Under the new measures, businesses or venues required to keep a contact register include:
- food and licenced venues (restaurants, cafés, bars, pubs, taverns, nightclubs);
- gyms, indoor sporting centres and pools;
- places of worship and funeral parlours;
- beauty and personal care services including hairdressers and barbers;
- galleries and museums;
- cinemas, theatres and other entertainment venues;
- auction houses and real estate inspections;
- community facilities, libraries and halls;
- zoos and amusement parks;
- function centres; and
- accommodation facilities that already have check-in arrangements in place (i.e. hostels, hotels, large camp grounds).
Along with the announcement, the Western Australian government released a free app, SafeWA to provide businesses with a digital COVID-19 contact register system.
For those who choose not to use the app, businesses must maintain a written contact register.
Failing to comply with the new requirements could result in fines and penalties of up to $50,000 for an individual and $250,000 for a body corporate or 12 months’ imprisonment.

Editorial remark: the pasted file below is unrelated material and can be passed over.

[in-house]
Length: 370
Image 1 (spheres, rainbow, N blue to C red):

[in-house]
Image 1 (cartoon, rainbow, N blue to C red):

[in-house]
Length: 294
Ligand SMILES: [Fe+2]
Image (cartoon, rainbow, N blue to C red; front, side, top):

The government said records would only be used for the purpose of COVID-19 contact tracing, should it be required, and will only be kept for 28 days and not used for any other purpose.
“Unfortunately, COVID-19 is going to present a threat to our lives and livelihoods for some time, so it is important we have the systems in place to keep us safe in the longer term,” said Western Australian Premier Mark McGowan.
“As a Government, we are committed to making sure businesses can keep doing business in a COVID-safe way, no matter the impact of the virus around the world.”
The move from Western Australia comes as NSW recently began its own mandatory contact register system for businesses.
But unlike Western Australia, NSW businesses must use electronic registration systems such as QR codes.